These days, a wide range of companies, including General Electric, Cisco, 3M and Microsoft Corporation (NASDAQ:MSFT), are all clamoring for a piece of the booming industry of health care IT. New coding systems like ICD-10 and financial-incentive programs for meaningful use are sending medical practices scrambling to update their systems to meet government-mandated standards.
However, one major company that is notably absent from the health care IT gold rush is search giant Google Inc (NASDAQ:GOOG), which isn’t shy about disrupting other industries.
The failure of Google Health
In 2008, Google Inc (NASDAQ:GOOG) introduced a personal health-record service known as Google Health. Patients were asked to disclose their health records, either voluntarily or through a partnered EHR service, to create a centralized Google Health profile.
It was a revolutionary idea that had plenty of heavyweight backers, including Allscripts, Walgreen, CVS Caremark, and Drugs.com. It featured cutting-edge features, such as a Wi-Fi scale from Withings that could synchronize patients’ weight data with a cloud-based profile, and a seamless integration with telehealth features from MDLiveCare and Hello Health.
For a while, it looked as if Google Health would unite the fragmented world of EHR services just as its search engine did for the Internet.
Yet in 2011, the service was abruptly discontinued. Google Inc (NASDAQ:GOOG) claimed, via its blog, that the service was not “having the broad impact” that the company had hoped for, although it had proven popular among “tech-savvy patients and their caregivers” and “fitness and wellness enthusiasts.” Widespread adoption, however, eluded the company.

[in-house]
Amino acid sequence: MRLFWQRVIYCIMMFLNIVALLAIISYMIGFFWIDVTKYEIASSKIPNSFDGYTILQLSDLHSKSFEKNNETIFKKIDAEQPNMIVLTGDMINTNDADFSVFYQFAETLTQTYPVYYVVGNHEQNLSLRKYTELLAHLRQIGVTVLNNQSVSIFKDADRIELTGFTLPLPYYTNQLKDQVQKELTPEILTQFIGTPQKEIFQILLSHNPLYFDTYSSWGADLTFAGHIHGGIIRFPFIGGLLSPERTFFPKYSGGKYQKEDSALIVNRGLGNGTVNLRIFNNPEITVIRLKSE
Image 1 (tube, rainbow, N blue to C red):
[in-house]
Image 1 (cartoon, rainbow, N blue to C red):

Could Google Health make a comeback?
Two years later, some investors are wondering if Google Inc (NASDAQ:GOOG) will resurrect Google Health to capitalize on the growing need for unified EHR systems. In the two years since Google Health’s demise, Android has surged in popularity, and now accounts for 80% of smartphone shipments and 63% of tablet shipments worldwide. With its eagerly anticipated Google Glass also on the way in late 2013 or early 2014, could this be the right time to release Google Health 2.0?
A major roadblock barring Google Health’s return is the complex enterprise nature of EHRs. Google Inc (NASDAQ:GOOG)’s main source of revenue comes from advertising. It generates this revenue by nurturing user dependence on its services — such as desktop search, cloud-based apps (maps, docs, YouTube, Gmail), and Android. Everything that Google Inc (NASDAQ:GOOG) makes, including Google Glass, is created with that goal in mind.
Enterprise is not the answer
Enterprise software, on the other hand, is how companies like Microsoft Corporation (NASDAQ:MSFT) and Hewlett-Packard generate sales. This is the industry of servers, software, and IT services — a highly fragmented and competitive business that Google has mostly avoided.
That’s why Microsoft Corporation (NASDAQ:MSFT) is still holding onto its EHR service, HealthVault, and has been promoting Windows 8 tablets as viable replacements for Apple Inc. (NASDAQ:AAPL) iPads to access mobile EHR apps. Microsoft has also been testing the idea of using the Kinect in coordination with HealthVault to revolutionize remote treatments.